Wednesday, 21 September 2011

The Hanging Wood by Martin Edwards

A new Martin Edwards  book is a pleasure to be anticipated keenly, and The Hanging Wood doesn't disappoint. Mind you, I think Martin is setting up himself up as a contender for the "creative rural deaths" award, held until now, of course, by the ridiculously OTT Midsomer Murders TV series, which rarely looks at the harsh realities of country life when camp will do. This series, however, is set in the Lake District, which may look picturesque to  visitors but is inhabited by a local population who are no strangers to the struggle of farming on marginal land and its concomitant high suicide rate (I've often thought that being a farmer ought to carry an automatic ban on owning a shotgun). Because it's a tourist destination with a long pedigree, though, culture sits side by side with poverty, and secondhand bookshops and private libraries plausibly rest alongside holiday parks - and it's these last which provide the setting for The Hanging Wood, when a young woman with a history of alcohol problems contacts Hannah Scarlett's cold case team to demand that her brother's disappearance should be re-investigated. Hannah finds herself once again comparing notes with historian Daniel Kind, who is researching his next book in the desultory way possible to a successful populariser of history, a pursuit which apparently leaves him plenty of time to indulge his curiosity about unexplained deaths. He's interested in Hannah, too,  but they are both feeling a bit battered, and Hannah's ex-partner the bookseller doesn't consider himself out of the picture. Although Marc isn't as central a character as in the previous books, there's still plenty to please the bibliophile (those who read Martin's blog will know his predilections) and there's a nice comment about to-be-read piles guaranteed to make readers smile, rather making up for his incendiary plot device earlier in the series.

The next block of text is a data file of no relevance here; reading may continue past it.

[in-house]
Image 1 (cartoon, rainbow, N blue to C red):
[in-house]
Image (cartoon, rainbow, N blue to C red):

Not surprisingly, given the author's interest in classic and forgotten crime novels, this series is establishing a firm place amongst the best of British crime fiction, nicely but not tortuously plotted, with well-drawn characters and an excellent cast of regulars. Like the golden age classics they appeal to a wide readership, and I think they will wear well.

This book was reviewed for the R.I.P. VI Challenge.


  1. I've read so many good things about this series. This book is on my wish list and I may have to break down and get it before long.

  2. I think I've read the first two or three in this series. They're excellent so I must get back to them.


  3. Oh! I must go and check our local library's online catalogue instantly for any Martin Edwards. Thank you!

  4. I have never heard of this author before. I will have to go see if the library has... :)

  5. I keep meaning to look for this, and then forgetting in the bookstore. Right, tomorrow night then! I have a date with a bookstore. I am really curious how things progress after the last book in the series. Overall I really enjoy them, you are right - well-drawn characters and not drawn out plots. I really like Hannah and Daniel. The secondary characters really give a feel for the idiosyncrasies that are laid bare in a community that's small, and in a murder investigation. Lovely review, Geraniumcat!!